It is therefore an object of the present invention to provide a container for fishing floats which positions them for ready access.

It is a further object to provide a fishing float container which hangs from the side of the boat, making the fishing floats easily accessible therefrom.

A still further object of the present invention is the provision of fishing float container which prevents the entanglement of fishing floats with other articles in the boat.

Still another object of the present invention is the provision of an open walled container having obtusely oriented forward legs and rearward backing to permit unobstructed access to the fishing floats.

Yet another object of the present invention is the provision of a fishing float container which has a hanger element moveable from a hanging position to a storage position which securely holds the floats even when the container is knocked over or uprighted.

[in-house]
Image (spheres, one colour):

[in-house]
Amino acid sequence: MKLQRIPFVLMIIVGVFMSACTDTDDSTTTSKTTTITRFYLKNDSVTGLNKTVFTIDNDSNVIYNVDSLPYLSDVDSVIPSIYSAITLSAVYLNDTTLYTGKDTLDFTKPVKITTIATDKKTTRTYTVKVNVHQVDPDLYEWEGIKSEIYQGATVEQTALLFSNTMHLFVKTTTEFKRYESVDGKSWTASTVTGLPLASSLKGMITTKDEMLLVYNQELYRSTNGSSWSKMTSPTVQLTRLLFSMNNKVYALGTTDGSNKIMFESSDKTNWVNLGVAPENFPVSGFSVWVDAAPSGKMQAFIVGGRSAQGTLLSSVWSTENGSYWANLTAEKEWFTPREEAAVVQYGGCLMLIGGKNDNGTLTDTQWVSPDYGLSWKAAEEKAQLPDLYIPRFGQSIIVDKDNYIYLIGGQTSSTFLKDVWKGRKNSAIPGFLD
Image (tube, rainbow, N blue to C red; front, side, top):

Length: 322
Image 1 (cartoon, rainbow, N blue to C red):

A still further object of the present invention is the provision of a fishing float container which requires minimal raw materials, and requires the assembly merely of an easily formed length of metal bar stock to a one piece injection molded plastic container unit.

These and other objects, advantages and novel features of the present invention will become apparent from the following detailed description of the invention when considered in conjunction with the accompanying drawings.


FIG. 1 is a perspective view of the present invention hanging inside a boat from a typical section of boat wall, with three fishing floats symbolically shown stacked therein.

FIG. 2 is a top plan view of the present invention with the hanger element shown in the storage position.

FIG. 3 is a bottom plan view thereof.

FIG. 4 is a front-elevational view thereof.

FIG. 5 is a rear-elevational view thereof.

FIGS. 6 and 7 are side-elevational views thereof.


The fishing float container 1 of the present invention, best shown in FIG. 1, is comprised essentially of a curved wire securing means, or hanger 10, pivotally attached to an open-sided substantially rectangular container 30. The float container 1 is secured to a boat side wall 3, and holds three symbolically illustrated fishing floats 7. The floats 7 are described in my copending application Ser. No. 358,589.